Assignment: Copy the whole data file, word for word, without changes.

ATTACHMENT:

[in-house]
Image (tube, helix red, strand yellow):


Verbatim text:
[in-house]
Image (tube, helix red, strand yellow):